Jupiter’s Legacy: a family saga on what it means to be a hero

From graphic novel to the big screen, Mark Millar has superhero pedigree: he wrote Kick-Ass, Wanted and Kingsman: The Secret Service. All of which became great movies.

He also wrote graphic novel Civil War, which formed the blueprint for Captain America: Civil War (2016). In the superhero world, much of what he does turns to gold. Indeed, Stan Lee advised him to branch out on his own and get out from the Marvel and DC shadow. So he did, forming his own company Millarworld, which he then sold to Netflix in 2017 for mucho millions of dollars.

Netflix likely bought Millarworld to compete with Marvel’s current crop of shows coming thick and fast on Disney+ (Wandavision, The Falcon and the Winter Soldier, Loki is soon etc), and Amazon Prime (The Boys, Titans, Black Lightning). All Netflix really have is The Umbrella Academy. Granted, they used to have Marvel shows (Punisher, Daredevil, Jessica Jones, Luke Cage etc) but those days are done since Disney took them back. They needed a pipeline.

Enter Jupiter’s Legacy. The first output from Netflix’s acquisition of Millarworld features god-like superheroes similar to Superman and Wonder Woman, but very much Mark Millar’s own creation. Reading up on the origins of this show I discovered it was originally planned to be a movie until director James Gunn (Guardians of the Galaxy, The Suicide Squad) advised it would work better as a TV show.

And he was right. This story is too big and too epic to be boiled down into two hours.

It’s a family affair

Our main character is Sheldon Shampson aka The Utopian (Josh Duhamel): the patriarch and head of a family of superheroes which include his wife Grace aka Lady Liberty (Leslie Bibb), brother Walter aka Brainwave (Ben Daniels), son Brandon aka The Paragon (Andrew Horton) and daughter Chloe (Elena Kampouris).

Our story kicks off in present day, where supervillain Blackstar (Tyler Mane) has broken out of prison and our heroes must stop him. Things occur during that encounter that shape the rest of the season… themes around what it means to be a hero and where do you draw the line in terms of what you will and won’t do.

What it means to be a hero

Filling in the backstory in terms of how Sheldon and co. came to acquire their powers our story jumps back to the 1920s, to the time of the Wall Street crash. A life-changing moment occurs which has a profound effect on Sheldon, triggering visions and compelling him to go on a quest and drag a bunch of people – including Walter and Grace – along for the ride. For me, this part of the story was perhaps more exciting than the present day stuff. It put me in mind of King Kong (2005), Raiders of the Lost Ark (1981) and The Lost City of Z (2016)… a group are thrown together on a perilous journey to an unknown land in search of some kind of treasure or prize.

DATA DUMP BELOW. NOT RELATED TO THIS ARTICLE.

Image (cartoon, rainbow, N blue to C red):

Elena Kampouris as Chloe Sampson

The present day stuff has its moments, but it’s a lot to chew on. There’s a lot of family drama fighting for attention, so much so that some characters, like the son Brandon, get lost in the noise. One character I had mixed feelings about was the daughter, Chloe. I felt like she was channelling Kristen Ritter from Jessica Jones (2015-2019) or even Angelina Jolie from Gia (1998). Here she plays a model with a drug and anger management problem, she’s full of self-loathing and hates her father. She also wants nothing to do with the hero life, yet she’s one of the show’s most powerful characters. Her rebellious outcast thing is fine for a while, but started to become a bit one note after a time, making it hard to see any kind of sympathy for her character.

Fathers, daughters and sons

Some have compared this show to The Boys, yet it’s a completely different type of story that showrunner Steven S. DeKnight is trying to tell. Not least because its focus is largely on the family unit and their struggles. Versus The Boys, which is more focused on corrupt corporations and the media. Jupiter’s Legacy feels like it sits closer to something like American Gods (2017-2021). It also puts me in mind of Watchmen (2009) and in particular the origin story around the original line-up, the Minutemen.

The theme of what it means to be a hero continues throughout the season, with The Utopian referring back to ‘the code’, a way to live as heroes (never to kill, never to govern or rule). The conflict comes from the changing nature of the world around him, and the changing nature of the threat that good people face. It’s a good theme, yet the show doesn’t dig into it as much as I would have liked. Perhaps Harvey Dent said it best in The Dark Knight (2008), ‘You either die a hero, or you live long enough to see yourself become the villain.’

Whether the show gets a second season is anyone’s guess. It’s had mixed reviews thus far. I think it’s good enough to get a second go round. There are so many loose threads and characters and themes to explore in a second season that I think it’s a show that could only get better – particularly now they’ve gotten the origin story out the way. But we shall see.

By Mikey P

Freelance editor, writer and podcast creator by day. Spoken word poet and screenwriter by night.

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